The Chinese, as was to he expected, were among the first to suffer. Within days all males between 12 and 60 were rounded up for screening. This took the form of |purification' parades where individuals suspected of being anti-Japanese were pointed out by informers who were masked to hide their identity. Those not |cleansed' were taken to the YMCA for investigation by the Kempetai and frequently tortured before being led away to execution. Some of the mass graves in which they were buried were only discovered twenty years after the war. Less horrific but equally harrowing exhibits are displayed in the Changi Museum, which stands alongside the forbidding high walls of the notorious jail, dedicated to the British, Australian and Indian prisoners-of-war who lived -- and died -- in Japanese captivity. |During their darkest years,' reads the caption on one exhibit, |religion was a source of strength and hope which sustained the half-starved prisoners and enabled them to build new places of worship despite being moved from one place to another. Often when men died they were found to have only two or three personal possessions -- a pair of ragged shorts, the photograph of a loved one and a slip of paper saying they had received instruction for Holy Communion and would be applying for Confirmation on their release'. A replica of one of the small chapels they built which will contain an altar cross also made by the prisoners from a 4.5 inch howitzer shell case has been placed alongside the museum.

Many Singaporeans, the Straits Times reported in a recent series of articles marking the fiftieth anniversary of the occupation, are still haunted by the images of war, images of bayoneted soldiers and beheaded civilians. |I can still picture the countless bodies of British and Indian soldiers near the scene of a ferocious hand-to-hand battle,' said one. Even after ten days there were bodies all over the place. It was a horrible sight. Even worse was the sight of British soldiers bayoneted against trees. I still ask myself what kind of people would do such a thing. Wasn't shooting the soldiers bad enough?' One man recalled his brother-in-law's being taken away by the military police, tortured and killed for listening to the BBC and Voice of America broadcasts reporting Allied victories in the Pacific. Getting slapped in the face for not bowing to sentries and the dread of being beaten or even beheaded when falsely accused of wrong-doing were, said another, constant sources of fear which gripped the civilian population, regardless of whether they were Chinese, Malayan or Indian.

Many Japanese are among the thousands of visitors to the various anniversary exhibitions of which there are at least four, not counting Fort Canning, the empty, cavernous underground headquarters of the British high command. Apart from the few exhibits on the walls, this remains largely as it was at the time of the surrender half a century ago. What impression the Japanese form as they move in silent contemplation from one grim exhibit to another is hard to divine but it seems likely that most, if asked, would say they had no idea such crimes had been committed in their name. And improbable as this sounds it may well be true, indeed almost certainly is true in the case of the younger generation. In post-war Japan such unpalatable facts as the rape of Nanking in the 1930s and, in the last war, the forced abduction of young Korean women to serve as prostitutes in army brothels, the use of prisoners-of-war as human guinea pigs in germ warfare experiments and the rest of a long litany of barbaric acts including mass executions, were expunged from the history books. Japanese Prime Ministers have become well accustomed to listening to protests about, and offering apologies for, such crimes committed during the reign of terror loosed by the Emperor's legions as they rampaged through Asia in the 1930s and '40s.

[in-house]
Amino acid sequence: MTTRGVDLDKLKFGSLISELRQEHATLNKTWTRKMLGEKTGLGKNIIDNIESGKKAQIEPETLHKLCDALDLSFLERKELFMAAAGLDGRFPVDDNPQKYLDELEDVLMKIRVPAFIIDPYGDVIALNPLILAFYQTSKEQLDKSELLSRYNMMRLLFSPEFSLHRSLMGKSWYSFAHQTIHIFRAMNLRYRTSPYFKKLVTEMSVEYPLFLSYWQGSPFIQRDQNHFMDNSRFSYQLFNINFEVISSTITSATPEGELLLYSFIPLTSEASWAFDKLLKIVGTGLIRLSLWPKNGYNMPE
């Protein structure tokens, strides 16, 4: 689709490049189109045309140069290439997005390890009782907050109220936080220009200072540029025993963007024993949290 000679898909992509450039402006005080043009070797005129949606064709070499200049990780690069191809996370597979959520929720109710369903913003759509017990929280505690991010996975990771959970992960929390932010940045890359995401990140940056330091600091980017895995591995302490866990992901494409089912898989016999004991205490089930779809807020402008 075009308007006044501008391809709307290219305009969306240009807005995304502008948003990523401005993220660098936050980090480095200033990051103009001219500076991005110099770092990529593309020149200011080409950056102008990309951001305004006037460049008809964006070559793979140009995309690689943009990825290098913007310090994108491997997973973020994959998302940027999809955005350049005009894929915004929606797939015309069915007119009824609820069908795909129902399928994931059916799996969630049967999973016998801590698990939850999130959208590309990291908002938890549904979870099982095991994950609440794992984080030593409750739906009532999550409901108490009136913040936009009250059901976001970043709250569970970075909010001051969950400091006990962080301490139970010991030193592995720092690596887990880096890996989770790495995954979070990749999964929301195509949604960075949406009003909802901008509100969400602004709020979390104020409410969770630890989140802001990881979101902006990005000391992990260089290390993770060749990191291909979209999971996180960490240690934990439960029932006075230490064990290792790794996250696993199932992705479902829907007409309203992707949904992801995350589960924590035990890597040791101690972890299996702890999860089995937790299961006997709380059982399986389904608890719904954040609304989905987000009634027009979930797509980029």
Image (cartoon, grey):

Today in Singapore, dynamic, prosperous and self-confident state that it has become, the scars of war have healed. The Japanese may not be loved but neither are they hated -- and anyway, they are back in force. Not only are they the largest expatriate community but at least a million of them, tourists and businessmen, are expected this year. Street maps are printed in English and Japanese. |We would not welcome Japanese hegemony', a government minister remarked, |but we could live with it. We do business with anyone it is in our interests to do business with,' he added thoughtfully, mentally substituting, so to speak, the spirit of Nissan for the spirit of Bushido.

[George Evans, a journalist, was serving with the Indian Army in South East Asia at the time of the Japanese surrender.]
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Title Annotation:Singapore recalls Japanese atrocities during World War II
Author:Evans, George
Publication:Contemporary Review
Date:Sep 1, 1992